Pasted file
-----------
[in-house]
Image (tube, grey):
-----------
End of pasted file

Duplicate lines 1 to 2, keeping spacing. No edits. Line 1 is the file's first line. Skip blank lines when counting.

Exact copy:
[in-house]
Image (tube, grey):